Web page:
Objective: The population of persons with mental disorders is potentially vulnerable to poor quality of medical care. This study examined the relationship between mental disorders and quality of diabetes care in a national sample of veterans.
Method: Chart-abstracted quality data were merged with outpatient and inpatient administrative database records for a sample of veterans with diabetes who had at least three outpatient visits in the previous year (N=38,020). Mental health diagnoses were identified by use of the administrative data. Quality of diabetes care was assessed with five indicators by chart documentation: annual foot inspection, pedal pulses examination, foot sensory examination, retina examination, and glycated hemoglobin determination.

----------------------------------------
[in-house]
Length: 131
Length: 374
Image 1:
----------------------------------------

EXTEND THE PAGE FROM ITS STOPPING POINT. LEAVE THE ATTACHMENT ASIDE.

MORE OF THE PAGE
Results: Approximately a quarter of the sample had a diagnosed mental disorder (23.7% with psychiatric disorder only, 1.3% with substance use disorder only, and 2.6% with a dual diagnosis). Overall rates of receipt for the indicators were higher than national benchmarks for all patient subgroups, ranging from 70.8% for retina examination to 95.0% for foot inspection. Rates for both retina examination and foot sensory examination differed significantly by mental health status, mainly because of lower rates among those with a substance use disorder. The associations remained significant in multivariate generalized estimating equation analyses that controlled for demographic characteristics, health status, use of medical services, and hospital-level characteristics.
Conclusions: Rates for secondary prevention of diabetes were remarkably high at Department of Veterans Affairs medical centers, although patients with mental disorders (particularly substance use disorders) were somewhat less likely to receive some of the recommended interventions.